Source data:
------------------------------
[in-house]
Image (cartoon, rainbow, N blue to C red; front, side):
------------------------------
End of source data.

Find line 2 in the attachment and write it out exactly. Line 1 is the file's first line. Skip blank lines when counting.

Image (cartoon, rainbow, N blue to C red; front, side):